Local air regulators toughened rules Friday on “flares” at refineries, including the fuel facility in Torrance which released hundreds of tons of pollutants during flaring events last year.
The process of flaring, which to onlookers appears as a giant flame rising over a facility, is a safety measure that releases pressure at refining units. But it can also release a stew of pollutants and toxins that nearby residents could breathe, officials said.
Regulators said the new rules were intended to protect nearby communities and “set the stage for further emission reductions from refineries in the near future,” Wayne Nastrai, head of the South Coast Air Quality Management District, said in a released statement.
Under the regulations, approved by the district’s governing board, refineries will be forced to limit flaring or face fines. Companies must also look for ways to reduce and eliminate the process completely.
At the same time, the board lifted a $4 million cap on mitigation fees that refineries pay for releasing excess pollutants into the air.
Purpose of Flaring
Flaring is often used during power outages because of the imbalance in pressures created. The process is intended for unplanned chemical emissions and is designed to reduce pollution exposure to the community.
Earlier this year, the AQMD said the Torrance refinery emitted hundreds of tons of smog-causing sulfur oxides into the atmosphere last year, stemming largely from three unexpected power outages.
The new rules arrive as air regulators increasingly clamp down on the region’s petroleum refineries after the February 2015 explosion at the Torrance facility, then owned by ExxonMobil, sparked public outcry.
The refinery, now owned by New Jersey-based PBF Energy, provides about 20 percent of the region’s gasoline and is key to local petroleum markets, industry officials say.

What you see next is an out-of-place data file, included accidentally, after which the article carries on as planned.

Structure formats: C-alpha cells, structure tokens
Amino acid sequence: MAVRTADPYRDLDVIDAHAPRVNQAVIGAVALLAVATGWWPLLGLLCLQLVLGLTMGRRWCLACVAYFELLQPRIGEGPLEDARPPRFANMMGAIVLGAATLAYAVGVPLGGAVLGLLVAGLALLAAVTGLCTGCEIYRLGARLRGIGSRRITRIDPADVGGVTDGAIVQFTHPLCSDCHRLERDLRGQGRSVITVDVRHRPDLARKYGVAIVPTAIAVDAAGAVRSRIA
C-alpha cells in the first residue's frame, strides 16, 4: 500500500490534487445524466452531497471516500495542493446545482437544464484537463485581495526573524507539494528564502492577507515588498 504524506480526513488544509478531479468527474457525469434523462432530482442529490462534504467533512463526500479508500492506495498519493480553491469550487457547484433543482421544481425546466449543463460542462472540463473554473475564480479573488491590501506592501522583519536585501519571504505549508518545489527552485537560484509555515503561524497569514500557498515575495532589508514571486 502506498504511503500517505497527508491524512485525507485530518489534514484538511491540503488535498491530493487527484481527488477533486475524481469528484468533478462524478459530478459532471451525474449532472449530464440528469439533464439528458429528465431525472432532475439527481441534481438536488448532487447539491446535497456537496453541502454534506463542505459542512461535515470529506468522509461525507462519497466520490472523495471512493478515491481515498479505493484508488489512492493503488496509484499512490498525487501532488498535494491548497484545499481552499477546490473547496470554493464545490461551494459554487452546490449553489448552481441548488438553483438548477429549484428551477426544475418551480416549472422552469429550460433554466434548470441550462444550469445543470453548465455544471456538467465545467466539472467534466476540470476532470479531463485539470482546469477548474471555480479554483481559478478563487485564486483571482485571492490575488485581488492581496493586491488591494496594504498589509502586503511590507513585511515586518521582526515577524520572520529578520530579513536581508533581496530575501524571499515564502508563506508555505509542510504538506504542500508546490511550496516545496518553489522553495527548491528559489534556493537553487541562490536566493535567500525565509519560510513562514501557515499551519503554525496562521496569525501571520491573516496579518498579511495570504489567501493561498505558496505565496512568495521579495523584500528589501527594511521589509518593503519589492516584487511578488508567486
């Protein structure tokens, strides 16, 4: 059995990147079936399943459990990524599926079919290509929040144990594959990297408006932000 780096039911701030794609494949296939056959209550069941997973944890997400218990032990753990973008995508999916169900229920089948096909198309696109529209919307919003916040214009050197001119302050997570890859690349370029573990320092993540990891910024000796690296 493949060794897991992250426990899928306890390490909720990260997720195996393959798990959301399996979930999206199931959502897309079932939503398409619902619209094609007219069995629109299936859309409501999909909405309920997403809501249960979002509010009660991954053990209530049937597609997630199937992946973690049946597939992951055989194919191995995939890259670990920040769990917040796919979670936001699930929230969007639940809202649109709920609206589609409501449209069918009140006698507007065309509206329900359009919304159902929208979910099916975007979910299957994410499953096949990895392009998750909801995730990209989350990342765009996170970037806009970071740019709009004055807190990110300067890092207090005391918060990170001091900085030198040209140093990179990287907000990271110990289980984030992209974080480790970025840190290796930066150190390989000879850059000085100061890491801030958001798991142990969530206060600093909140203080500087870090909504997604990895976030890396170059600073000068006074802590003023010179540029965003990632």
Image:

Refinery Seeks Cooperation
Betsy Brien, a spokeswoman for PBF’s Western Region, said the company is prepared “to work with the rules that the district has in place.”
But, she added, there must be continued cooperation between business and regulators.
Federal and state authorities investigating the explosion found that Torrance refinery had a poor safety record and nearly created a catastrophic situation that could have released dangerous hydrofluoric acid into the community.
Those revelations and community anger put pressure on local regulators who, after years of hearings on the safety of Southland refineries, will consider banning hydrofluoric acid later this year.
Regulators will also consider imposing air pollution monitoring at the fence line of refineries, aiming to reveal how much pollutants neighbors take in.
Some aren’t convinced that the new rules, which coincide with federal efforts, go far enough.
“We appreciate the rule tightening on flares. They were inclusive with the community and it was a good process, but the district still left in a big loophole allowing for drastic under-reporting of certain flaring operations that can release significant levels of smog-forming chemicals that cause asthma,” said Julia May, a scientist at Communities for a Better Environment, a Huntington Park-based environmental justice group.
“This matters for everybody who breathes,” May said, “especially for refinery neighbors with asthma.”
*Original article online at http://www.presstelegram.com/business/20170707/air-quality-regulators-clamp-down-on-refinery-flaring-practices